Berlin is already the official, ceremonial and historic capital of united Germany. The question now is whether it will become the actual seat of government, with the chancellor's office and most federal ministries moving from Bonn, or whether Bonn will remain the seat of real political power.
As the Germans debate this problem with their usual angst, one calumny against Berlin should be put to rest: The idea that Hitler's brief association with the grand old city on the Spree somehow makes it a distasteful symbol and an unseemly capital.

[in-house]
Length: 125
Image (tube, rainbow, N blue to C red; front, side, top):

Berlin's history goes all the way back to the 12th century, and its character was shaped not by a crazed Austrian whose Thousand Year Reich lasted a dozen years but by a stellar array of scholars and statesmen, dramatists and architects, industrialists and labor leaders. Hitler actually hated "Red Berlin" and the feeling was reciprocated. Though his storm troopers marched down the Under den Linden, the reception they got from the populace was a lot chillier than it was, say, in Nuremberg or Munich.